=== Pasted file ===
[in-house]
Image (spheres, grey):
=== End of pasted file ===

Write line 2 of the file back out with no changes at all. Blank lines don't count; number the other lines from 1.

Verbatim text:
Image (spheres, grey):